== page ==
Are Canare products RoHS Compliant?
Currently, all Canare cable since manufacture date March 2004 is RoHS compliant.
All Canare connectors are available RoHS compliant. If you need such connectors, please specify "RoHS" when ordering.
As of February 2007, Canare will be completely compliant, including assemblies, panels, cable and connectors.What's Balanced and Unbalanced Audio?
Unbalanced connectors are generally RCA (F-10, RCAP) and Phono (F-15) featuring one center contact and one ground contact. Unbalanced cables usually consist of one center conductor with an overall shield (GS-6). To protect against excessive noise incursions, Unbalanced cable assemblies should be limited to 15 foot runs.
Balanced connectors are able to provide greater noise immunity due to the phase cancelling nature of the twisted pairs and are standard equipment in professional audio installations. Balanced connectors have three contacts: two for the signal (+/-) and one for ground shield. The standard connector for balanced cable is an XLR, Bantam Tip/Ring/Sleeve (TRS) or Longframe TRS. (F-16 phono plugs are typically NOT used for pro broadcast balanced audio applications).
Two conductor twisted pair cable such as L-2B2AT (or 4-cond L-4E6S Star Quad) are intended for Balanced circuits, but may also be used for Unbalanced assemblies. One of several wiring tricks, is to solder the blue conductor to the connector's center pin and the white conductor to the shield ground contact. An installer may then choose to "float the cable shield" by not soldering the overall braid (or drain wire) at one or both ends of the cable. This technique may result in better "unbalanced" circuit noise rejection.How do I know if I use 75 ohm Canare BNC Connector?
The connector on the left is a commonly used 50 ohm BNC. Notice that the dielectric (white ring) is visible at the top of the outer contact.
The Canare plug on the right is a true 75 ohm BNC connector. Its dielectric material is recessed... Your visual assurance that there will be proper 75 ohm impedance matching between the source equipment, interconnecting cables, patchbay and load equipment. The end result: no signal reflections (VSWR) for longer cable runs and enhanced system performance. When going back & forth between 2- and 3-wire audio connectors, sometimes I get considerable hum. How do I avoid this?
Two-wire audio connectors are used for unbalanced audio. One wire is the signal (hot) the other is ground and signal return. Three-wire connectors are not as simple. The primary use of a 3-wire connector is for balanced audio where one wire is a separate ground and the other two carry audio. The audio on the two wires is identical, except one signal is out of polarity with the other. Another use of 3-wire connectors is for the insert jack on audio boards. On these, one wire is an input, the other is an output and the third is a Common ground.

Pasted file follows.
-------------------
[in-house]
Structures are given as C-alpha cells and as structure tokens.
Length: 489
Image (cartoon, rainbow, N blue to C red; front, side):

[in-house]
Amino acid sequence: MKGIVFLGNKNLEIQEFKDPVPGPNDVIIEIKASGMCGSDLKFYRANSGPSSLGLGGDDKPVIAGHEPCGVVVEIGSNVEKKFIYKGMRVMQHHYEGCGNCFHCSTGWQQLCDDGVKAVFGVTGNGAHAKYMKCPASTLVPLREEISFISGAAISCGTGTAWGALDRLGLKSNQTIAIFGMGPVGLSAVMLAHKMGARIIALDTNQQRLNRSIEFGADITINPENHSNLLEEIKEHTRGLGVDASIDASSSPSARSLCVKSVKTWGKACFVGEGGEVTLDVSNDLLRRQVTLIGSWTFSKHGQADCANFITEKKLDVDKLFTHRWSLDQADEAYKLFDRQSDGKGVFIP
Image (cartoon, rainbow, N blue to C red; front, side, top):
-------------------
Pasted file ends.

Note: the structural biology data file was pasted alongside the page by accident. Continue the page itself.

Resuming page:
Over the last several years, 3-wire stereo plugs (F-16) also have become common in many sizes. These connectors are used for two unbalanced (L&ampR) signals with a common ground. With all of this in mind, the problem you are referring to usually occurs when you mix balanced and unbalanced signals.
The best way to interconnect balanced and unbalanced signals is with transformers that match signal type and impedance. In addition to matching the wiring and impedance, the levels must also be matched. Small pre-amps can be used to boost levels that are too low, and attenuator pads can reduce levels that are too high. If you don't have the proper matching equipment, careful and consistent wiring practices can keep the signals relatively clean.
The first area to look at is ac power. Make sure that all of the audio equipment is powered by the same circuit. If this is not possible, keep the number of circuits small. Second, any ac plugs that are not polarized can be reversed. If noise is detected, reverse the ac plugs one at a time, leaving the plugs in the position that produces the least hum.
At this point, the process can get a little messy. When you wire an unbalanced output to a balanced input, connect the signal wire to the positive, or hot, input. Generally, connect the ground to the negative, or cold, input and to the ground input. Depending on the situation, better results may be obtained if the ground input is left unconnected. When you connect a balanced output to an unbalanced input, connect the signal input wire to the positive, or hot, output, and connect the ground wire to the ground output connection. At this point, check the frequency response at 100Hz, 1kHz arid 10kHz. It should be flat. If the response increases with frequency, place resistors from the positive output terminal to ground and from the negative output terminal to ground. The value of each resistor should be about half the output impedance listed in the equipment specifications.